This was all too predictable. Stars these days never let the razzle dazzle hang around. Unless they're the Heat. And then they're hated.
When Blake Griffin was recorded saying "Lob City!" when he found out the Clippers had acquired Chris Paul, he had no idea what it would create. It's an easy, catchy phrase with a little bit of... pardon the phrase, swag, and that's going to catch fire. And it did. And now he hates it. And Paul does, too.
From ESPN L.A. :
"It's unfortunate," Griffin said. "It's one of those things where we understand it, but that's not what we're about. Before the game we're not going out thinking, 'All right, its Lob City tonight.' We're just trying to win games and trying to get better."via Clippers are triple towers, not 'Lob City' - ESPN Los Angeles.
It was Griffin who famously coined the phrase when a camera crew caught him uttering the nickname as he chest-bumped Jordan after he heard the news Paul would be traded to the Clippers. He now wishes he would have never said it.
"If anybody says it in [the locker room], it's just a joke, making fun of the whole thing," Griffin said. "It's not on our minds at all."
"We're improving because we're communicating better," Paul said Wednesday after the Clippers dispatched the Rockets . "We're trusting each other."
Simply uttering the word "lob" draws an immediate roll of the eyes from Paul, who will usually switch the topic to half-court offense, tight defense or any other aspect of the game.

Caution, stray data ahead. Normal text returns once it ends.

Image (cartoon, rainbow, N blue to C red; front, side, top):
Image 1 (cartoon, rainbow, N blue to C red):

"It's something we can't control," Paul said. "We are a complete team, and we want to continue to be a complete team. That's the only way we're going to win games. It doesn't matter if you get 10 lobs and lose the game. It's all about winning at the end of the day."
The Clippers may not want it, but the fans need it. Basketball junkies, and even more so Laker fans, will hate the cliche need for a nickname for a team. But teams with identities transcen culture, provided they are actually great. Showtime, the Bad Boys ( and to an incredibly leser extent, Seven Seconds or Less), these teams attain a higher leve of notoriety based on that nickname identity.
It's understandable that Paul will want to move away from that. Every time the Clippers struggle on defense, it's somehow attributed to a false desire on the Clippers' part to just put up highlights. This team wants to win. But that nickname is cool, the identity is fun, and it puts them on another level. The Clippers can run Lob City while also playing smart on both sides of the ball and winning championships.
The nickname isn't what's standing in their way. Their play is.